Bustos Leads the Charge to End Forced Arbitration Agreements that Prevent Sexual Assault Survivors of Receiving Justice

WASHINGTON – Today, Congresswoman Cheri Bustos (IL-17) reintroduced the Ending Forced Arbitration of Sexual Harassment Act. Joining Congresswoman Bustos as original cosponsors on this bipartisan legislation are Representatives Pramila Jayapal (WA-07), Elise Stefanik (NY-21) and Morgan Griffith (VA-9). The Ending Forced Arbitration of Sexual Harassment Act would void forced arbitration agreements that prevent sexual harassment survivors from getting the justice they deserve. Gretchen Carlson, who joined the press conference and previously hosted “Fox & Friends,” left the network after enduring years of sexual harassment by powerful men who used forced arbitration to institutionalize protections for sexual harassers and prevent survivors from discussing their cases and taking them to trial.

“If we truly value workers and want to end sexual harassment in the workplace, we need to take bold and meaningful action now,” Congresswoman Bustos said. “Whether it’s on a factory floor, at a Main Street shop or in a corporate office, 60 million Americans have signed away their right to seek real justice and most don’t realize it until they try to get help. We need to change this and give workers a voice. Those who have been subjected to sexual harassment or discrimination in the workplace deserve an option to have their day in court. While there are plenty of good companies that take sexual harassment seriously and work to prevent it, this legislation will help root out bad actors by prohibiting them from sweeping this problem under the rug.”

“I am proud to have worked with Congresswoman Bustos to spearhead the Ending Forced Arbitration of Sexual Harassment Act,” said Gretchen Carlson, a renowned author, advocate and television news anchor. “Forced arbitration clauses in employment agreements are not designed to achieve fair, expeditious or cost-effective resolutions for sexual harassment cases. They are often used by companies to demean and silence women and conceal pervasive sexual harassment while allowing sexual predators to operate with virtual impunity. I believe every woman and man should be entitled to have their claims adjudicated in a courtroom rather than behind closed doors where victims can never discuss what happened. I’m thankful for this bipartisan effort to make workplaces safer across our country.”

“Last fall, millions of people broke their silence about sexual misconduct, exposing a systemic problem with workplace harassment in almost every industry in America,” said Ally Coll Steele, President and Co-Founder of the Purple Campaign. “But this movement didn’t just reveal the extent of the problem—it also showed that existing laws have largely failed to address it. Congresswoman Bustos’ legislation is precisely the kind of policy change that is needed to protect workers from sexual harassment on the job. Currently, a majority of non-union employees are subject to boilerplate employment agreements that force them to give up their right to file a civil lawsuit in the event of harassment, making it literally illegal for them to access the legal system at all. By eliminating this practice in workplaces across industries, this bill represents a critical step forward and will go a long way toward creating the lasting change we need.”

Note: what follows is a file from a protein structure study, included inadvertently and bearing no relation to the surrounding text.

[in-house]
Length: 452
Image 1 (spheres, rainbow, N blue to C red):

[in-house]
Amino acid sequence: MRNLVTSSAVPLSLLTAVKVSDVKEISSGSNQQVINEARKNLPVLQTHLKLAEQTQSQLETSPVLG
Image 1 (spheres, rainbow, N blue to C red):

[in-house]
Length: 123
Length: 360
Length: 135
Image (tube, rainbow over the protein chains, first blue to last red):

“We support this bipartisan effort to remove forced arbitration provisions from worker contracts, which prevents those alleging sex discrimination and sexual harassment from getting the justice they deserve,” said Lisa Gilbert, Vice President for Legislative Affairs at Public Citizen.

BACKGROUND

Today, an estimated 60 million Americans are subject to forced arbitration clauses. The bipartisan bill Congresswoman Bustos reintroduced today would void forced arbitration agreements and allow survivors of sexual harassment or discrimination to seek justice, discuss their cases publicly and eliminate institutional protection for harassers. Forced arbitration clauses prevent survivors of sexual harassment from discussing the nature or basis of their complaint. If an employee’s contract or employee handbook includes a forced arbitration clause, the employee is likely to have signed away his or her right to a jury trial whether or not they are aware of the clause. Employees are far more likely to win cases that go to trial than cases that go through the arbitration process.

In the 115th Congress, Congresswoman Bustos introduced similar bipartisan, bicameral legislation with Senator Kirsten Gillibrand. Upon the introduction of Congresswoman Bustos’ legislation, Attorneys General from all 50 states, territories and the District of Columbia called for passage of her bill to protect workers and survivors of sexual assault. Other companies have since ended the use of forced arbitration in cases of sexual harassment and assault, including Uber, Microsoft and, most recently, Google.

###